Whatever view you might take on the wider implications of what David Cameron did with the veto in Brussels (and I have to say, I keep changing my mind), one thing’s for certain – he didn’t give much thought to the effect it would have on Christmas at our house.
I’ve not yet introduced my mother-in-law to these pages. I’ve held back out of concern for any visitors of nervous or delicate disposition. I will save a full treatment for another day, but for these purposes there are one or two relevant points:
- She is very pro-Europe
- She likes nothing more than
hectoring, bullying and brow-beating anyone in hearing range into forcibly accepting her very lopsided view of the worlda nice chat about politics.
- She can go on for hours and hours and hours, and then some.
- She cannot resist any opportunity to put the boot into the
country where she lived for thirty years, where her children were born and which continues to pay her a pensionUK even though she left for foreign climes about twenty years ago.
- Her unremitting pessimism is an equal and opposite force to my pointless optimism
- She is coming for Christmas.
Like a photograph dissolving slowly into a Powerpoint slide, these factors will in all likelihood achieve a perfect clarity just after we have fed her on Christmas day. All round the country families will be settling down to watch a nice film, or pouring another drink and reminiscing on the year that’s been, or gathering round a crackling log fire to play parlour games.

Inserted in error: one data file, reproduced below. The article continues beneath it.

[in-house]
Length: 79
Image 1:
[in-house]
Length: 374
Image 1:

It will be very different for me and The Beautiful Armenian (who despite her heritage is now English rose through and through). The mother-in-law will just be getting into her stride, holding us personally responsible not just for Mr Cameron’s actions, but also for the economic melt-down which is bound to follow, for the extreme poverty this will inflict on her (yeah, right), for the fact that you can’t get proper coffee in England, for the English divorce system failing to award her millions of pounds for slightly hurt feelings, for the poor quality of English pub food in the 1970’s, and so on. Thanks for that, Prime Minister.
We’ve already had a couple of e-mails warming us up on the subject.
Now the golden rule in these
monotonous diatribes conversations is never, ever, to get drawn in. Listen carefully enough to deploy tactical nodding and shaking of the head. Frown or smile occasionally. But say nothing. You can’t win. It’s taken more than three decades for me to work this out. Even agreement leads to trouble, or at least to her finding a second wind. She may think I’m a grinning idiot with nothing between my ears, but I can live with that if it shortens the pain.
The one thing that coud be worth trying is finding a mild and subtle way of provoking these outpourings early doors. Get them out of the way, and move on. Perhaps something like, “It’s about time that Sarkozy grew up,” or “They do all know we’ve got nuclear weapons, don’t they?”
But it’s high risk. We could just end up having to go two rounds.